Broad River Greenway, Thursday August 13, 2015: After leaving a vehicle down at the Dravo Dam on the Broad River near Gaffney, South Carolina, I took my son Robbie to the Broad River Greenway to put in his kayak for a day of fishing and bald eagle watching along the river and back down to the Dravo Dam in South Carolina. The trip by water is estimated to be eight to ten miles and covers the two states.
As we were unloading my son’s kayak, food and his fishing supplies, a Greenway Park Ranger came by and alerted us that many dead catfish were floating in the water for a couple of miles upstream and downstream of the Greenway. The Ranger opined that a source of the fish kill might be the Cliffside Duke Power Plant just upstream of the Greenway. My son, being an avid fisherman, didn’t think much about the warning.
When we carried the kayak down to the water’s edge we did notice numerous dead catfish on the riverbank and on rocks. I noticed the river current was near the shore and probably the bulk of the dead fish there had been swept away from that particular location. My son got into his kayak, pushed off and was soon in the middle of the river and off on his adventure. The day was sunny and nice. My son took no cell phone to interrupt his day on the river. I went home.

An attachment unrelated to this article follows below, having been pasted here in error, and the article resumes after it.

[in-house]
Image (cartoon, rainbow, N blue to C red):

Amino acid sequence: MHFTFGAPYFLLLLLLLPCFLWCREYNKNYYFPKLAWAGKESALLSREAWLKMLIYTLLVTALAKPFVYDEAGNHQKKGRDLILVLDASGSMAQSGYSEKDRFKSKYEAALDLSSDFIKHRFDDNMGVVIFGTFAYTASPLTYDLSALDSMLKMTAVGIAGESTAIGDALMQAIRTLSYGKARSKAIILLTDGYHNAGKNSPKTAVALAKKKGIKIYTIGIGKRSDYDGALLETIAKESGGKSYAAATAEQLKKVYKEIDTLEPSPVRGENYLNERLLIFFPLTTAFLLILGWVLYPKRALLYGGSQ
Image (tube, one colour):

Later that night, after my son had reached the Dravo dam, loaded his kayak and came home, it was a different story. Small catfish from pinky finger size to forearm size were belly up in the river. The river all the way from the Greenway where he put in, across the South Carolina line and down to the Dravo Dam were full of dead catfish. And ONLY young catfish. My son caught a number of large mouth bass, small mouth bass and saw a bunch of carp jumping. He took pictures of the fish he caught and then released the fish back into the contaminated water. He had no answer about why only catfish, and young catfish at that, were being killed.
The “whole river stunk from all the dead fish.” my son reported. “If you (me) hadn’t left the Greenway, I would have paddled back up the river and come straight home.” “Every river bank, every rock, every snag hanging in the river was covered in dead catfish or had dead catfish pushed up against them in the hundreds.” My son estimated thousands, tens of thousands or maybe even hundreds of thousands of dead catfish were belly up in and along the miles of river. Stinking to high heaven all the way to the Dravo dam.
So, the next day (today), I called Cleveland County officials to inform them of the fish kill. I looked over the list of county departments and couldn’t figure out who to call, so I called the County Manager’s office and informed the County Clerk, Henry Earle, who answered the phone about the major fish kill on the Broad River. Henry said he had not heard about it but would pass the information along to the proper authorities. I asked Henry to inform me regarding what was found.